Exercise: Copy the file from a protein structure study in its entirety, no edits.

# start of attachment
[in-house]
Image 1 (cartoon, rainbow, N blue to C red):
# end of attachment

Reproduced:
[in-house]
Image 1 (cartoon, rainbow, N blue to C red):